Frequently directing for the banner of Pancholi Films, he had become a one-man hit factory, with the resounding success of Farishta (1958), starring Sohrab Modi, Ashok Kumar and Meena Kumari. Naturally, the next step was to set up his own production company, Nagina Films, which was highly prolific with a spate of films like Satta Bazaar (1959) starring Balraj Sahni and Meena Kumari and Dulha Dulhan (1964), which paired Raj Kapoor and Sadhana for the first time.

A tireless filmmaker, he switched to Gujarati cinema by chance. When his attempt to remake Nagina with Leena Chandavarkar and Sanjay Khan was  shelved because of financial wrangles, the setback inadvertently proved to be a boon.  As a director, his second innings began with a sixer, the Gujrati film Jesal Toral (1971), which initiated the acting careers of Upendra Trivedi and Ramesh Mehta (his first as a comedian).

The immensely popular Upendra Trivedi considered Ravindra Dave as his mentor, featuring in as many as 16 of the director’s 26 Gujarati films. And Avinash Vyas, scored the music of 20 of the films.

Simultaneously, Dave was engaged in Hindi language cinema. Unbeknownst to many, he gave a break to  singer Manna Dey as music composer for Naina (1953), starring Geeta Bali and Abhi Bhattacharya. In his last Hindi film, Road to Sikkim (1969), he launched newcomers Anju Mahendroo and Dev Kumar and also introduced the former Maharaja of Sangli, Vijaysinghraje Patwardhan  (father of Bhagyashree of Maine Pyaar Kiya), as the music director.

His last released Gujarati film was Malo Nagde (1985), starring Upendra Trivedi with Aruna Irani.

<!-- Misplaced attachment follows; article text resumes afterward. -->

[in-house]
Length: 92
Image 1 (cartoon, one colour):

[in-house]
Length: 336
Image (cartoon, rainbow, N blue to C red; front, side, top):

With a busy filmmaking career of 45 years, his style of filmmaking had a certain stamp: story-telling with simplicity and clarity of thought. About the only indulgence he would allow himself, was driving in different vintage luxurious cars.

Towards the end phase of his career, he was planning a comeback with a crime thriller in Hindi. From direction, screenplay writing to dialogue and editing he wished to be acknowledged as an all-rounder auteur with Mera Pati Mera Qatil.

According to his assistant director and regular collaborator Shridutt Vyas, “Dave sir was well-versed in the art of writing a gripping screenplay and the seed of the story was his own. Since his handwriting was quite illegible,  he would dictate the narrative to me. He narrated the script of Mera Pati Mera Qatil, to Rakesh Roshan. This film was to be sir’s swan song. Unfortunately, due to his critical health and financial problems, the project never took off. Yet, I must tell you that Rakesh Roshan made Khoon Bhari Maang (1988), with the same story. Only the title was changed.”

But wasn’t Khoon Bhari Bang lifted from the Australian mini-series Return to Eden (1983)? “It’s believed Rakesh Roshan made a film on the same story and changed the title to Khoon Bhari Maang(1988),” said Vyas, adding, “But Dave had first chanced upon the story and realised its potential for an adaptation.” Be that as it may, Roshan’s film bolstered the careers of Rekha and Kabir Bedi.

Ravindra Dave passed away at the age of 73 on July 21, 1992. And this is my small tribute to revive the memory of an auteur, who was an icon in his own right but has been denied that honour.